Alessandro Moreschi was a castrato singer in the late 19th century. It is unknown when he was castrated, but it is thought to have been around 1865.
The practice of castrating vocally-talented young boys was carried out well before they reached puberty.
These young singers were castrated so they never went through puberty and their voices never broke, keeping their sound pure. It is thought that Moreschi’s singing abilities were noticed by Nazareno Rosati, who acted as a scout searching for boys whose singing voices were perfect for choirs and solo performances.
Moreschi became a pupil of the Scuola di San Salvatore in Lauro. His teacher was Gaetano Capocci, who used to be the maestro di cappella of the St. John Lateran Church. Aged only fifteen, Moreschi was made the First Soprano in the choir in the Papal Basilica of St. John Lateran, and he also sang as a soloist in groups hired by Capocci to sing in salons where Roman high society gathered.
These groups were often called the “Pope’s singers”, and Moreschi was a great attraction at these events. In 1883, he was presented in a special showcase in Italy, singing the coloratura role of the Seraph in Beethoven’s oratorio Christus am Olberge.
Just on the strength of that performance he became known as l’Angelo di Roma. Soon after, having been put through challenging auditions by all the members of the Sistine Chapel choir, he became their First Soprano. He held that post for the next thirty years.
When he joined the Sistine choir, there were already six other castrato members there, but none were as capable as Moreschi at sustaining the taxing soprano work. It is thought that his standing often went to his head, as he liked to parade around after performances wearing a white scarf like a peacock waiting for praise.
The Sistine Chapel Choir was run by traditional methods and rules that were centuries old. So when the senior castrato retired in 1886, Moreschi became the director of soloists. In 1891, he was segretario puntatore for a brief time, looking after the day-book of the choir and recording their activities. The next year, he became maestro pro tempore, which was mainly an administrative post that covered such things as granting leaves of absence and calling choir rehearsals.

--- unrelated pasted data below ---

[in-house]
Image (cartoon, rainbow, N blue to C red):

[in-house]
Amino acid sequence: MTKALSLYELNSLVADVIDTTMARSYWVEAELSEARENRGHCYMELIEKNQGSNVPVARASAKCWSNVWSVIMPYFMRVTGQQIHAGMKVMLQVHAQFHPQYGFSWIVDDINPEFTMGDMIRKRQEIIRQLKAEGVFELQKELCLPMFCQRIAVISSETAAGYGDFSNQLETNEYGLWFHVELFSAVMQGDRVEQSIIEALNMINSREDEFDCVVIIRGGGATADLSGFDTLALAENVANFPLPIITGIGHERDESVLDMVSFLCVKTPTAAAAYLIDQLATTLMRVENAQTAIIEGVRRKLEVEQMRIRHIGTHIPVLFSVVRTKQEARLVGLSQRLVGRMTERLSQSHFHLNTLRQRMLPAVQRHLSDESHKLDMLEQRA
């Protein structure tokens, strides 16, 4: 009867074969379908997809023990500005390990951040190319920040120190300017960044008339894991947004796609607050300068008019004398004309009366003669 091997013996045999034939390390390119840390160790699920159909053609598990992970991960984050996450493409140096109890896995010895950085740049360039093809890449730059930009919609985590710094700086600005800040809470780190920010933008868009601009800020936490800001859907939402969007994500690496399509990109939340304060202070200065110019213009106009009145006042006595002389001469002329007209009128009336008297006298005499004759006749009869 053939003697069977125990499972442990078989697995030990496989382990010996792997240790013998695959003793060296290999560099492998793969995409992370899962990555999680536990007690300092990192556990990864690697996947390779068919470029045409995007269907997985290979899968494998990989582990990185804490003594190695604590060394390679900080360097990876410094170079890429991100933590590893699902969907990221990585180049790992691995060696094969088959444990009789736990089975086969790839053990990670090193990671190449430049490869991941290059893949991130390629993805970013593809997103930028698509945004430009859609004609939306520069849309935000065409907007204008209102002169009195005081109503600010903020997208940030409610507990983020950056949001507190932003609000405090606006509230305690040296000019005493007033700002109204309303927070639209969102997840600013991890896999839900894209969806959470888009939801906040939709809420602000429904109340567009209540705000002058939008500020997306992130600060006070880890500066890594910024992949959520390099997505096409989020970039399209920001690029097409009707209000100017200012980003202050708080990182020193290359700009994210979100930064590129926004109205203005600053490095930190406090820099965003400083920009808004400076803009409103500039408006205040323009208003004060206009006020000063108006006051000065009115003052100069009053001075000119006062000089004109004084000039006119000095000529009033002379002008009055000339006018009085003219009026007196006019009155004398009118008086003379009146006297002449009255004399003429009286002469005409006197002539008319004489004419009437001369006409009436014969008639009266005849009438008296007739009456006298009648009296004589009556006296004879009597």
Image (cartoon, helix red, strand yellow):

He also was responsible for making sure the choir followed correct procedures in its duties in the Chapel. It was a time of great upheaval in music, and there was a fight to revert church and choir music back to the traditional Gregorian chants.
During the spring of 1902, while living a few minutes’ walk from the Vatican, Moreschi made his first singing recordings for the Gramophone & Typewriter Company of London. Between then and 1904 he recorded seventeen tracks in total.
Until 1913, Moreschi was officially a member of the Sistine choir; he was fifty-five years old and able to take his pension as he had sung in the choir for thirty years. Castration of boys for singing purposes had been banned in Italy from 1870, so no young castrato was being accepted into the choir. Moreschi died at the age of sixty-three. His singing, which can be found online, is different from what is produced today. He is a unique voice that wonderfully reflects the tone and musical sound of the era in which he lived.